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Why We Need Bats All the Time—Not Just on Halloween


National Science Foundation
Created: October 31, 2012 Last Updated: November 1, 2012
Related articles: Science » Inspiring Discoveries
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A leaf-nosed bat from the New World. The purpose of the leaf structure on the bat's face is not known for sure, but it may be important for echolocation. (Brock Fenton)

A leaf-nosed bat from the New World. The purpose of the leaf structure on the bat's face is not known for sure, but it may be important for echolocation. (Brock Fenton)

The sight of bats hanging upside down in creepy caves or fleeing in fluttery flocks from their subterranean haunts at dusk like “bats out of hell” may spook even the most rational, otherwise unflappable observer.

Nevertheless, on every day (and night) but Halloween, these much maligned creatures of the night should be loved, not feared. Why? Because, contrary to popular belief, bats do not attack people; bats do not tangle in people’s hair; and even vampire bats are not true vampires. (Vampire bats lick blood but do not suck blood.)

What’s more, unbeknownst to most people, bats make important contributions to ecology, the economy and even to the search for new technologies.

Important Ecological Roles

The buds of this flower—a Pseudobombax ellipticum—open explosively at night and are primarily pollinated by bats. (Brock Fenten)

The buds of this flower—a Pseudobombax ellipticum—open explosively at night and are primarily pollinated by bats. (Brock Fenten)

Bats, which live on all continents except Antarctica, are essential members of many types of ecosystems, ranging from rain forests to deserts. By fulfilling their ecological roles, bats promote biodiversity and support the health of their ecosystems.

The ecological roles of bats include pollinating and dispersing the seeds of hundreds of species of plants. For example, bats serve as major pollinators of many types of cacti that open their flowers only at night, when bats are active. In addition, bats eat copious quantities of insects and other arthropods. On a typical night, a bat consumes the equivalent of its own body weight in these creatures.

Economic Value

As bats fulfill their ecological roles, they provide many economically important services. For example, bats serve as essential pollinators for various types of commercially-valuable crops, including bananas, mangoes, and guavas. In addition, bats consume many crop-eating insects and thereby reduce farmers’ need for pesticides.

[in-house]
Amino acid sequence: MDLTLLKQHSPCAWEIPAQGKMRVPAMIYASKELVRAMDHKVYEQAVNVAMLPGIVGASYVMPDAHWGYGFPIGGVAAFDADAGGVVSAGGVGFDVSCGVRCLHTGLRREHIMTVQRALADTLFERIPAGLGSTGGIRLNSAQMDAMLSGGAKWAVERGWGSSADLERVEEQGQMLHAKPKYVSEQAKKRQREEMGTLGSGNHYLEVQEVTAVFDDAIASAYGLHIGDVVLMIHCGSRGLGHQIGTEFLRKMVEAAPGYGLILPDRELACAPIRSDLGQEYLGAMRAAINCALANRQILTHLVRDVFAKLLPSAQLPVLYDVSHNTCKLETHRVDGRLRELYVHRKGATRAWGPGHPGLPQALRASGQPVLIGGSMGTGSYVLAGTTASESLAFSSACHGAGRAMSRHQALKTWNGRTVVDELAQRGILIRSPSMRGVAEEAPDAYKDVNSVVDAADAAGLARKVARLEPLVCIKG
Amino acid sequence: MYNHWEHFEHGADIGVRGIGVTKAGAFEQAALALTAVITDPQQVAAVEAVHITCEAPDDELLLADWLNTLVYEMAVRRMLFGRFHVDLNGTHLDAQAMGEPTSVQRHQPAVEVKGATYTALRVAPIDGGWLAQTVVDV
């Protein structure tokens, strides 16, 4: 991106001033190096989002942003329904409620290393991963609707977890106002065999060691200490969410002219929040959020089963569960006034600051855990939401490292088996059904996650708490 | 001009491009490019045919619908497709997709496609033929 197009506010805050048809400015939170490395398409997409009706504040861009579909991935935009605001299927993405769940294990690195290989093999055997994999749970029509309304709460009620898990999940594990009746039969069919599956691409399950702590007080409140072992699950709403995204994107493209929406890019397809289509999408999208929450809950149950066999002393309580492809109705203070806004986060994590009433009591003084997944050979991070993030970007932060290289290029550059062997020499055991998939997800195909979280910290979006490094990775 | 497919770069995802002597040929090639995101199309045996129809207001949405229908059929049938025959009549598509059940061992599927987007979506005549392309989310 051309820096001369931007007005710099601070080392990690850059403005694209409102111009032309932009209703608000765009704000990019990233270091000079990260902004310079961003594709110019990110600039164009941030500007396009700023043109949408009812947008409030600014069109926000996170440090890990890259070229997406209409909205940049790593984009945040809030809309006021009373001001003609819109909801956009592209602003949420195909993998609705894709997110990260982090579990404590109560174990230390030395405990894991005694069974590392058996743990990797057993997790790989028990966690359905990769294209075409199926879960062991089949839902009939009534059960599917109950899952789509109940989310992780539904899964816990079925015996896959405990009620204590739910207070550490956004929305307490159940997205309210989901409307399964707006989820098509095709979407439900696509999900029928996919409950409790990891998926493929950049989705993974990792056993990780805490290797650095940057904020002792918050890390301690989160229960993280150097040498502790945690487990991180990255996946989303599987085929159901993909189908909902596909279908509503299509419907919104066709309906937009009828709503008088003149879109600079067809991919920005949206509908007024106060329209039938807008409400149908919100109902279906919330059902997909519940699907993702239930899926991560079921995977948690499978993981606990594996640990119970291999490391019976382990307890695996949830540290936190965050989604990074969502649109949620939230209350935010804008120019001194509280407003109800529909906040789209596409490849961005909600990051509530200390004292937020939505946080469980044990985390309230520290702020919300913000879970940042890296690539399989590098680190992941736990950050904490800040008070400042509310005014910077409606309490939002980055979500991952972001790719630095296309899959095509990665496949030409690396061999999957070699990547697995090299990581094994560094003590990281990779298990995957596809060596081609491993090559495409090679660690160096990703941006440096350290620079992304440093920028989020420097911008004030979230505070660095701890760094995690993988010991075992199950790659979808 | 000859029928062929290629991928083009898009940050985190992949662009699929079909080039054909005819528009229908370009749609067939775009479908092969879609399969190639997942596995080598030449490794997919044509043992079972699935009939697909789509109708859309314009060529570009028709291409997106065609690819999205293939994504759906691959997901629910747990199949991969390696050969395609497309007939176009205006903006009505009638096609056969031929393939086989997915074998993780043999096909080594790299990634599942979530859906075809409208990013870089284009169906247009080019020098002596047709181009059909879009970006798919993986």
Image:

All told, according to a 2011 study published in Science, insect consumption by bats reduces the pesticide bill of the agriculture industry in the United States by roughly $22.9 billion per year on average. Another study, partially funded by the National Science Foundation (NSF), calculated the average annual value of Brazilian free-tailed bats as pest control for cotton production in eight counties of south-central Texas at about $741,000.

Inspiration for High-Tech Innovations

Bats offer much to the field of biomimetics, which is the science of modeling cutting-edge technologies based on natural forms. After all, the development of sonar for ships and ultrasound was partly inspired by bat echolocation. Echolocation is the navigation system used by most bats to find and follow their quick-moving insect prey at night, sometimes via daring aerial dogfights and speedy chases—all without crashing into trees, buildings or other obstructions.

Here’s how bat echolocation works: A bat emits a structured high frequency sound, usually beyond the range of human hearing, which bounces off surrounding objects and then returns echoes to the bat. By comparing the delay and structure of the echoes to those of the original sound, a bat can calculate its own distance from the objects and determine size and shape of those objects and thereby construct a three-dimensional map of its environment.

Even though a bat’s brain is only peanut-sized, bat echolocation is so sensitive that a bat flying 25 miles per hour in complete darkness would recognize differences in echo delays of less than a microsecond, allowing the bat to distinguish even a junebug from an underlying leaf, according to Universal Sense: How Hearing Shapes the Mind, which was authored by neuroscientist Seth S. Horowitz, whose earlier work was funded by NSF.

How do bats stay focused on sonar echoes from their target prey without being overwhelmed by the cacophony of echoes from other objects? That question is answered by an NSF video about recent research on bat echolocation.

Another bat trait that provides potential grist for future application is the flying ability of bats, which are the only mammals that can fly on their own power. The aerodynamic repertoire of bats, which includes changing flight direction by turning 180 degrees within just three wing beats while flying at full tilt, would be the envy of any fighter pilot, said Horowitz.

Bats are such nimble flyers because of the dexterity of their wings, which—unlike insect and bird wings—are structured to fold during flight, similar to the way that a human hand folds. Also, their wings are draped by stretchy skin and are powered by special muscles. Ongoing research about the structure of bat wings and the mechanics of bat flight may ultimately lead to the development of technologies that improve the maneuverability of airplanes.

See the wonders of bat flight in a Science Nation video that describes an NSF-funded project.

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